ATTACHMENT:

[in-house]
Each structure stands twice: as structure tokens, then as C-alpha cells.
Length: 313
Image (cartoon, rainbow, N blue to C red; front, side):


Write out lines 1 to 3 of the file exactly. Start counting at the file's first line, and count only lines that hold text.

[in-house]
Each structure stands twice: as structure tokens, then as C-alpha cells.
Length: 313